Speaking of fees, back away from the ATM: There’s a 5% (or $10, whichever is higher) cash advance fee.

The fine print

Take a tour of the Sallie Mae Evolve card terms and other key disclosures.

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The results of the Credit Card Rewards Calculator are based on the monthly spending amounts you enter and the annual dollar value of the rewards each credit card program pays per $1 spent. Credit card companies often express this payout amount as a percentage (e.g., 1.5% of every dollar spent) or on a points basis (e.g. ,1.5 points for every dollar spent). We converted all of them to a dollar amount (“Cash Back Per Year”) to make comparing offers easier.

To calculate the amount of cash back you could earn per year, we factored in:

  • Spend category inputs: The default dollar values for each “Spend Category” in the Best Cashback Credit Cards tool — gas, groceries, travel, restaurant, entertainment, pharmacy, other — are based on average American spending data from the Consumer Expenditure Surveys from the U.S. Bureau of Labor Statistics. We also include additional spend categories (such as streaming services, online shopping, utilities, transit, Amazon and more) to help you see which rewards cards are most closely aligned with your actual spending patterns. We encourage you to customize the monthly spend inputs for the most accurate results.
  • Tiered rewards rates: If a rewards credit card pays higher cashback rates on certain spending categories (also called “Bonus Rewards”), that difference is reflected in the total “Cash Back Per Year” tally.
  • Rewards spending caps: Some cards impose category- or time-based limits (monthly, quarterly, annually) that affect the amount of rewards you can earn. For example, a card may pay 3% cash back on groceries on up to $1,000 of spending each quarter, then revert to the base/default rewards rate until the following quarter. We accounted for bonus spending caps and timeframe in the calculations.
  • Default rewards rates: Purchases that exceed a spending cap are usually subject to a lower default rewards rate (e.g., 1% or 1.5%). We mathed that out too.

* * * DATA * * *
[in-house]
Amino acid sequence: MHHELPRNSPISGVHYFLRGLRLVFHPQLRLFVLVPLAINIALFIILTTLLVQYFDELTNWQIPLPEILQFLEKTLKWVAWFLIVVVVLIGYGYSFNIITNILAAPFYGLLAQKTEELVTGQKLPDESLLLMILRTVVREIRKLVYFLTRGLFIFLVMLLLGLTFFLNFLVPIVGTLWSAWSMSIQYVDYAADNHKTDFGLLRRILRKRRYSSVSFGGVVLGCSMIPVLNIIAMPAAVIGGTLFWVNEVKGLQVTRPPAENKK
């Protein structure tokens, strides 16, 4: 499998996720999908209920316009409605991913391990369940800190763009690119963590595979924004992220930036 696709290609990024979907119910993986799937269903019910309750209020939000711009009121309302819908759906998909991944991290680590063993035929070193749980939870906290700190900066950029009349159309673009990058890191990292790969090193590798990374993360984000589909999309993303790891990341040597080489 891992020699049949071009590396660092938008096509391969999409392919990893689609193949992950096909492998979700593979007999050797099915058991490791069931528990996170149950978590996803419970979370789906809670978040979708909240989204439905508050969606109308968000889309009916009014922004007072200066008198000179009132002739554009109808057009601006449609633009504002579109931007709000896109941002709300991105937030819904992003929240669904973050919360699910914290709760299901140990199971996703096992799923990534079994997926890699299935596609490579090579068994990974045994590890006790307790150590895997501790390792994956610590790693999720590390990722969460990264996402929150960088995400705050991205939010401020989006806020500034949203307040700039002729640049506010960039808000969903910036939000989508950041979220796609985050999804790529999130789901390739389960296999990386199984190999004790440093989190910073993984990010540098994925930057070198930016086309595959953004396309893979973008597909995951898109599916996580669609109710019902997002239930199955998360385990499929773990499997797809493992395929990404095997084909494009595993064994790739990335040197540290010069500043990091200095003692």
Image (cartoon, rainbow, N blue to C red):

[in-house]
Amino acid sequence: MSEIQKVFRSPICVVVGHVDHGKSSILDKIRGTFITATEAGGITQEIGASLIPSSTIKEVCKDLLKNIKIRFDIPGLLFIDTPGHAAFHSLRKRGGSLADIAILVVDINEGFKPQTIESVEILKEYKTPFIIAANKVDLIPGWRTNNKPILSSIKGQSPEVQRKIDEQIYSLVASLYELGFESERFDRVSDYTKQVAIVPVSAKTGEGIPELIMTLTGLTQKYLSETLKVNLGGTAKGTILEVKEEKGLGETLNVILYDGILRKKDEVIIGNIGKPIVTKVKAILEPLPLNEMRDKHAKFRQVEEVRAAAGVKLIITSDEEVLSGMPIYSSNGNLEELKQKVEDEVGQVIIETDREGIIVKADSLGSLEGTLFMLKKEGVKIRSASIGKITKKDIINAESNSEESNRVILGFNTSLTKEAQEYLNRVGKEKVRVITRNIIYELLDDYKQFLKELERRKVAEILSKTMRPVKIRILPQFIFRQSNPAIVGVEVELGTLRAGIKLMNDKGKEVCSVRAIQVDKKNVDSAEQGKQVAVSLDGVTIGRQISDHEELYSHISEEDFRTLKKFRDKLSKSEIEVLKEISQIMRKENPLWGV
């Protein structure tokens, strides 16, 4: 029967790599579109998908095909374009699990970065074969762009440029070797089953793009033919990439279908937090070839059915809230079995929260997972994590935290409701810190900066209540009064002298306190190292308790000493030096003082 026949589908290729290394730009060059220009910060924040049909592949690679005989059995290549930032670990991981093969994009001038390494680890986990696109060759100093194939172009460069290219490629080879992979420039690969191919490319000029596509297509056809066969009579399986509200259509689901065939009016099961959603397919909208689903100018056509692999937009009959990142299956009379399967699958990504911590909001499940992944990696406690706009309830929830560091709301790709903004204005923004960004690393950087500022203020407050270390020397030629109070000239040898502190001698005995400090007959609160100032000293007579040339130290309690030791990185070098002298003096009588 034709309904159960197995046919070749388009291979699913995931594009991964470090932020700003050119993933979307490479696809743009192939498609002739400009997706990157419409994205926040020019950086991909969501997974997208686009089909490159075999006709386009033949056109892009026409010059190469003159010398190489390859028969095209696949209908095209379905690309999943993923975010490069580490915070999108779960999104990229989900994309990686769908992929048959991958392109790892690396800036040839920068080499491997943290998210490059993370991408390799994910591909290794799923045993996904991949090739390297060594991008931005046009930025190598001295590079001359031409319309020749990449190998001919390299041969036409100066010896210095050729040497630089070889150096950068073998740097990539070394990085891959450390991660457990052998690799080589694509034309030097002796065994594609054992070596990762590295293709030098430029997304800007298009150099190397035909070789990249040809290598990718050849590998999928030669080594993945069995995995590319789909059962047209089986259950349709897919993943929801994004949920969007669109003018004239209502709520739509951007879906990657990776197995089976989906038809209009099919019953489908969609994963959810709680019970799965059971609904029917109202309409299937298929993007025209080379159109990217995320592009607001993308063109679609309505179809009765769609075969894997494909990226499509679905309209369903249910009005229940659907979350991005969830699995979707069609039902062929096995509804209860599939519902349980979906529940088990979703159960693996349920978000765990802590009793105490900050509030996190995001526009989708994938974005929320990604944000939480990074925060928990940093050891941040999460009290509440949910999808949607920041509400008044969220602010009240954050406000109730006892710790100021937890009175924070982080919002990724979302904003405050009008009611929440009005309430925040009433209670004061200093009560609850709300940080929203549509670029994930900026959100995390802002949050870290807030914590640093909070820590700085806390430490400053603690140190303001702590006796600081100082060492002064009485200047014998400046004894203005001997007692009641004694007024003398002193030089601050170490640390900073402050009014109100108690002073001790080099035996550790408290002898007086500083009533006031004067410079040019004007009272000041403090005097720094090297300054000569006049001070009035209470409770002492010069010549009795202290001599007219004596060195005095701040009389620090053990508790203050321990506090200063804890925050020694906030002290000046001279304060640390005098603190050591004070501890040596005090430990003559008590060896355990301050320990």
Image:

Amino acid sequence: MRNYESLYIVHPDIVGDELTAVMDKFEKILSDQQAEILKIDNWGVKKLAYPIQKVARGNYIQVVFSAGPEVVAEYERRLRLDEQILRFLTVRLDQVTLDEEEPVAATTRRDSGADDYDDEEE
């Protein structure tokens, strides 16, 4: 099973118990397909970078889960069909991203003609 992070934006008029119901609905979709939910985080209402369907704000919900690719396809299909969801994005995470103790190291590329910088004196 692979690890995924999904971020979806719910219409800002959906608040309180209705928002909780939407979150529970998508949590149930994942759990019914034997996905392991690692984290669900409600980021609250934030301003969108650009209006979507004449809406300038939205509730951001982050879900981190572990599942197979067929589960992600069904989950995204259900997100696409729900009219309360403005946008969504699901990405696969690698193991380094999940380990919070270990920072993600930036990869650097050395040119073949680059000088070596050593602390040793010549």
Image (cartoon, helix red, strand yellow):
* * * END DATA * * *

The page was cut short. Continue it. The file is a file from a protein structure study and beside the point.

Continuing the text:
• Annual fees: If a rewards card charges an annual fee, we deducted that amount from the “Cash Back Per Year” total to provide a true accounting of a card’s annual rewards payout.

What’s not included in the “Cash Back Per Year” total is the cash value of any sign-up/introductory bonus. We highlight any Welcome Bonus separately. While sign-up bonuses can be the most lucrative part of getting a new cashback rewards credit card, not everyone will want or be able to do what it takes to earn the extra cash. (It usually requires spending a certain amount in a specified time period after the card is activated.)

About the Editorial Team

Dayana Yochim
Dayana Yochim

Dayana Yochim has been writing (articles, books, podcasts, stirring speeches) about personal finance and investing for more than two decades, focusing on bringing clarity and the occasional comedic aside to what is often a murky, humorless topic. She’s written for NerdWallet, The Motley Fool,, Woman’s Day, Forbes, Newsweek and others, and been a guest expert on "Today," "Good Morning America," CNN, NPR and wherever they’ll hand her a mic.

Carolyn Kimball
Carolyn Kimball

Carolyn Kimball is Managing Editor for Reink Media Group and the lead editor for content on Carolyn has more than 20 years of writing and editing experience at major media outlets including NerdWallet, the Los Angeles Times and the San Jose Mercury News. She specializes in coverage of personal financial products and services, wielding her editing skills to clarify complex (some might say befuddling) topics to help consumers make informed decisions about their money.

Andrea Coombes
Andrea Coombes

Andrea Coombes has 20+ years of experience helping people reach their financial goals. Her personal finance articles have appeared in the Wall Street Journal, USA Today, MarketWatch, Forbes, and other publications, and she's shared her expertise on CBS, NPR, "Marketplace," and more. She's been a financial coach and certified consumer credit counselor, and is working on becoming a Certified Financial Planner. She knows that owning pets isn't necessarily the best financial decision; her dog and two cats would argue this point.